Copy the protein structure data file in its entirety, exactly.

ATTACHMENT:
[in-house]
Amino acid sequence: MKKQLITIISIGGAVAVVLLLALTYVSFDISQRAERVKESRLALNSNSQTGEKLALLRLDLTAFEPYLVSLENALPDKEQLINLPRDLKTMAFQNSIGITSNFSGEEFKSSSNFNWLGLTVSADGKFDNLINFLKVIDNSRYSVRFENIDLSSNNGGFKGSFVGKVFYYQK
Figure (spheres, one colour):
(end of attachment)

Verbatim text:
[in-house]
Amino acid sequence: MKKQLITIISIGGAVAVVLLLALTYVSFDISQRAERVKESRLALNSNSQTGEKLALLRLDLTAFEPYLVSLENALPDKEQLINLPRDLKTMAFQNSIGITSNFSGEEFKSSSNFNWLGLTVSADGKFDNLINFLKVIDNSRYSVRFENIDLSSNNGGFKGSFVGKVFYYQK
Figure (spheres, one colour):